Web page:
When you think about patient education, what comes to mind first? Is it the information that we all need in order to make healthy lifestyle choices? Or what a patient needs to know once they’ve been diagnosed with a disease. Or is it information on a particular drug or product they need to treat a condition they have?
The answer is probably a bit different for everyone. And the fact that there are so many potential answers indicates that educating patients is a complex and layered process. For brevity’s sake, I’ll focus on patient education in terms of medical devices they need.
Historically, physicians were responsible for educating their patients in all the areas mentioned above. They recommended lifestyle choices, explained diagnoses, and outlined treatment options. When those treatment options included a medical device, the physician provided information about the product to the patient. Only in certain cases would we as a manufacturer communicate directly to the patient. For example, for something like a PICC line we might provide a patient guide because that product needs cared for after a physician has placed it. Even in those scenarios, the physician is still the one who gives the guide to the patient.
In the future, as patients become more conscious consumers of healthcare, and as physicians get busier with the increasing numbers of patients to treat, medical device manufacturers can and should play a greater role in educating patients. This isn’t meant to substitute for the communication between physician and patient, which should always be first and foremost. Instead, we can supplement with additional info and allow patients to learn from us about our devices.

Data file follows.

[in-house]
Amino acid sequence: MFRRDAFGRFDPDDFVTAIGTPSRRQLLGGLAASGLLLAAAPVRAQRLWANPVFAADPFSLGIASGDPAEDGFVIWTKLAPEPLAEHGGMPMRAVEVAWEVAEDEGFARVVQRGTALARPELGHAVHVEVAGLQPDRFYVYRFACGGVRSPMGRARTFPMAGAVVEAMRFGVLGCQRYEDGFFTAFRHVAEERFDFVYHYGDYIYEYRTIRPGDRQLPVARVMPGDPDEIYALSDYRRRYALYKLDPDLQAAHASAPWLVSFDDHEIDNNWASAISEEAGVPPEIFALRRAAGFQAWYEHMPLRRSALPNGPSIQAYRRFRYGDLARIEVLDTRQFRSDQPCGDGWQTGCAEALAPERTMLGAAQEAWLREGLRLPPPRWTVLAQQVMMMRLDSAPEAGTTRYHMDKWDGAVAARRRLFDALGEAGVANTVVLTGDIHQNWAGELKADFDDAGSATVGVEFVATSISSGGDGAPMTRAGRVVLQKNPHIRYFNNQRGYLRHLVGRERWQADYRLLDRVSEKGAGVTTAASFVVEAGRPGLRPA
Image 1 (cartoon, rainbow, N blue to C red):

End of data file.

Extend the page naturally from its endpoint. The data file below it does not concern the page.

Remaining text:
We don’t expect this to happen anytime soon, nor will it be a very drastic change. However, we feel that the more quality information based on scientifically proven information we can give to patients, the better. Hopefully, more direct communication with patients could actually reduce a burden on physicians’ shoulders.
We as manufacturers have a lot to learn before we can take steps to enhance this communication channel. We’ll need to answer questions such as: What information do patients need most? What’s the best channel to deliver such information? What’s the best way for physicians, regulatory bodies, and suppliers to partner to create an informed patient population?
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David Reed is currently Vice President of Operations, Vice President of Healthcare Business Solutions for Cook Medical Incorporated. With over 30 years of life science industry expertise Dave holds an MBA from California Miramar University and serves as a member of the Indiana University Kelly School of Business Supply Chain and Global Management Academy Advisory Board.